20. 18) And why do we not have the systems we need to handle something like this? Because the Republican Party has spent 30 years dismantling what we had and road-blocking anything new! They don’t get to whine about the utterly predictable results of their own actions. But they will, nonetheless, and try to turn that into an argument that government doesn’t work and we should hand everything over to private companies.

    @ rob_matic: Well, consider the source.

  21. (2) I donated to the Hugo Finalist Go Fund Me. I hope all the finalists who want to go can go. It’s such an honor.

  22. @David Goldfarb

    So I’m now back from two weeks in Europe. I’m pleased to report an opportunity not missed.

    A couple of days ago, Katie and I were heading towards an art museum’s café for some refreshment. (Paris was having Houston-like temperatures. Paris doesn’t do AC as well as Houston does.) Our route took us down a staircase.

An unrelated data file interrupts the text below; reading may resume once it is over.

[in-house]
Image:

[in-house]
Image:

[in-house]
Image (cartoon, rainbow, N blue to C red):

“Look!” I cried. “It’s the Winged Victory of Samothrace!”

    How could I not, there in the Louvre?

    People always seem to come across the Nike of Samothrace by accident, because of this strange placement on the landing of a staircase. At any rate, I also stumbled upon her, while using the stairs to get from one level of the Louvre to another.

    I have to admit that I have zero interest in a Lord of the Rings TV series. We already have an excellent movie version of the trilogy that’s not quite 20 years old and a not so excellent, but entertaining Hobbit trilogy. Why not give Tolkien a rest for another couple of years and adapt something that has never yet had an adaptation?